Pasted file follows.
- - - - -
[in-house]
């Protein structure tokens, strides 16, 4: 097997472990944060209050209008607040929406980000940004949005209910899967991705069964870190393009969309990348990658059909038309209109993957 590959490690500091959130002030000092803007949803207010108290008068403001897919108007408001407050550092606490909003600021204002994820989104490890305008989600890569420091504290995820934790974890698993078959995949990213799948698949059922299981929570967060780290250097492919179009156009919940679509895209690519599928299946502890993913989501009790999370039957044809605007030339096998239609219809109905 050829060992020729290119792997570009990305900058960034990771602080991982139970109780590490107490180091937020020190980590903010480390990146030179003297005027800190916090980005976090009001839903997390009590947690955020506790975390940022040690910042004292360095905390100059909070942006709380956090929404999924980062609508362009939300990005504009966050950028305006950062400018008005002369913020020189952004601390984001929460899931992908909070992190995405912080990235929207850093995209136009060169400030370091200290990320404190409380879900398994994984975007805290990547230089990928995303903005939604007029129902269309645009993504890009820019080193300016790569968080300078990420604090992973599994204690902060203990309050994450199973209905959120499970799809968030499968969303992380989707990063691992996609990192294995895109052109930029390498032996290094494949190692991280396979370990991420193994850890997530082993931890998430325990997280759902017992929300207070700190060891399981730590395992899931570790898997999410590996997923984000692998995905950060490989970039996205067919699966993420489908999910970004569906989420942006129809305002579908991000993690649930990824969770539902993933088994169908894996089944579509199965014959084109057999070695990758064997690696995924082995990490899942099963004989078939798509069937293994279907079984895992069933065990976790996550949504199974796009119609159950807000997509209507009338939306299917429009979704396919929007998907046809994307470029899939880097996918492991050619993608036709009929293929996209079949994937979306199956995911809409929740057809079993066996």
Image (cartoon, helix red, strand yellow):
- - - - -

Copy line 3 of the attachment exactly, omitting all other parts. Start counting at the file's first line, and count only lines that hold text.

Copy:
Image (cartoon, helix red, strand yellow):